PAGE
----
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I have exported the PATH but once I switch to a different terminal or reboot Debian, $PATH is reset. Here are the steps I take:

~$ vim scripts.sh

echo "Hello"

I save it as mybash.sh and chmod with 755. Then I move it to my /root/scripts directory.


~$ export PATH=$PATH:~/root/scripts

and it works, but once I reboot Debian, close or switch into another terminal, mybash.sh cannot be called.

Why doesn't it store PATH permanently?

marked as duplicate by Gilles bash May 21 '15 at 23:07

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  • You might want to prepend rather than append. – PSkocik May 21 '15 at 10:02
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    Why don't you place your script in /usr/local/sbin, which is included in root's PATH ? – user86969 May 21 '15 at 11:29

You can add the line to the /etc/enviroment file like this:



Edit your ~/.bashrc and add your line here like this:

export PATH=$PATH:~/root/scripts
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    No. You misspelled /etc/environment, the syntax you used doesn't work there (variable expansion only works in shell scripts, this is not a shell script), and .bashrc only works partially (it sets the variable only in programs launched from a terminal). None of this is correct. – Gilles May 21 '15 at 23:09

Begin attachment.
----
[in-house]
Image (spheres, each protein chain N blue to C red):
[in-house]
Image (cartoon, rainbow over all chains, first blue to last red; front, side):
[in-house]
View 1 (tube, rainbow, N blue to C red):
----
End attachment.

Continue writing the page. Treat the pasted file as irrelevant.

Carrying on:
Edit your ~/.bashrc file and add your export PATH line to it.

  • No. .bashrc only works for programs launched from a terminal. – Gilles May 21 '15 at 23:09
  • @Gilles, I quote from the question: "...into another terminal...", and therefor do not understand your comment. Can you please clarify your comment? – Lambert May 22 '15 at 7:50
  • @Lambert .bashrc is only read in a terminal. So modifying PATH there will only take effect in programs that are launched via a terminal. That takes care of the specific example where the program is launched from a terminal, but not of the general case where the program is launched from somewhere else. – Gilles May 22 '15 at 8:28
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    @Gilles, thanks for your explanation. The OP asked how to set the PATH variable permanently for new terminals so the answer to that is, in my opinion, still valid. I agree that you can not rely on it in all cases (ie. when calling from a custom binary started from the desktop, of using a different shell like zsh) but in this case it is obvious that bash is being used and that the script is called from a terminal window. – Lambert May 22 '15 at 8:53

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